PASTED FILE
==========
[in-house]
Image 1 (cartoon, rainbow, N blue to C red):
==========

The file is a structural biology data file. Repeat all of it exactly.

[in-house]
Image 1 (cartoon, rainbow, N blue to C red):